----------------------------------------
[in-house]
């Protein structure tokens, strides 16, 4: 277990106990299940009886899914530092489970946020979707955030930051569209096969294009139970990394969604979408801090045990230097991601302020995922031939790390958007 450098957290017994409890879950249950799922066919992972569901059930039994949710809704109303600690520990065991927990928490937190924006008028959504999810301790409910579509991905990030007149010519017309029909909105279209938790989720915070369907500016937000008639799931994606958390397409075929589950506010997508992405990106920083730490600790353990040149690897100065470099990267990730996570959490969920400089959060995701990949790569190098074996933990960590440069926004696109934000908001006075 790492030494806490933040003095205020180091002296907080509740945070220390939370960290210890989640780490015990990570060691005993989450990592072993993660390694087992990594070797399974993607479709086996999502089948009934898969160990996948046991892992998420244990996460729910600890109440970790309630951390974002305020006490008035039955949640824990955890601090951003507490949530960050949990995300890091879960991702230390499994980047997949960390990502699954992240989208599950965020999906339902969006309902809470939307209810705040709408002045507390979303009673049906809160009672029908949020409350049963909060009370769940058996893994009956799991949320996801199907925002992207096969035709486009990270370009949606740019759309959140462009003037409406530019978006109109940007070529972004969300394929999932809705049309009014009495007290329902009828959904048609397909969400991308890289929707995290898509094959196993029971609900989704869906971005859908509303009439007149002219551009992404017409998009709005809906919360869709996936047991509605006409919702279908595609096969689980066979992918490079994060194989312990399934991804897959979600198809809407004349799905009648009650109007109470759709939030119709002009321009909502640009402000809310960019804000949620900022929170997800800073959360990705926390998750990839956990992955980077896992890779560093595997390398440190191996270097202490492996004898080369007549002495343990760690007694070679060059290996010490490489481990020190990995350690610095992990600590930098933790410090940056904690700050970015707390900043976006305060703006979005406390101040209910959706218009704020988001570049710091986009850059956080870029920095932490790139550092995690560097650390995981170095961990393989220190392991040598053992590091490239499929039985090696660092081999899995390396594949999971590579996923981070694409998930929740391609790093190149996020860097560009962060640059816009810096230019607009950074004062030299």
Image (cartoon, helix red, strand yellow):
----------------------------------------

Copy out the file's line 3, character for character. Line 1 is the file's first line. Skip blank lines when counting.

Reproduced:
Image (cartoon, helix red, strand yellow):